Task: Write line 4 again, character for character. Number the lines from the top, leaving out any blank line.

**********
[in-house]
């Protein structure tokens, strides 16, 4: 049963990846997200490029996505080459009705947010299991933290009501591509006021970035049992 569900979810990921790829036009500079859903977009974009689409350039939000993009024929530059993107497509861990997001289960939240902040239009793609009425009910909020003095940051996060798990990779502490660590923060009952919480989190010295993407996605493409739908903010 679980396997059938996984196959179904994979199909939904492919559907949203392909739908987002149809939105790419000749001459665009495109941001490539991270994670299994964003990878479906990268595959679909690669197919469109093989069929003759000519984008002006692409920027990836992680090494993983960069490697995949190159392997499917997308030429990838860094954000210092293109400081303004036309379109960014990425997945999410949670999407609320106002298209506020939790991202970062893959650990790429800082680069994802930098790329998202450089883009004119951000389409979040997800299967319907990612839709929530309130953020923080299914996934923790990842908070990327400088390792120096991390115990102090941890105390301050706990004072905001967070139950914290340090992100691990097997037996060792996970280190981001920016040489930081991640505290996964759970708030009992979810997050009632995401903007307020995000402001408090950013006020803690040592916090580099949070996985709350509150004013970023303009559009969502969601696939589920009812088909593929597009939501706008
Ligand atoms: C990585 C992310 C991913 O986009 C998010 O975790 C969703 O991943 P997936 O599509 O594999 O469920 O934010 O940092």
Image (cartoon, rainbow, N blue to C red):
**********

Image (cartoon, rainbow, N blue to C red):